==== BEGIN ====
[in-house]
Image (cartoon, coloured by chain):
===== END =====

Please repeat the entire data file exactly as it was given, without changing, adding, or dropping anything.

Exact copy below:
[in-house]
Image (cartoon, coloured by chain):